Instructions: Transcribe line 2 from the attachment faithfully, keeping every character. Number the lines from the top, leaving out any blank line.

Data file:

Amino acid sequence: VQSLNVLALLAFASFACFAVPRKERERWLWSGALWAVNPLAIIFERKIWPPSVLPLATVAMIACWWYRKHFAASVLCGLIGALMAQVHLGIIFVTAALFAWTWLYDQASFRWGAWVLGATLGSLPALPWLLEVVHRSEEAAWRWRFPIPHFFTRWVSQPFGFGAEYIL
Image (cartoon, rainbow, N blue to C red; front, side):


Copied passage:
Image (cartoon, rainbow, N blue to C red; front, side):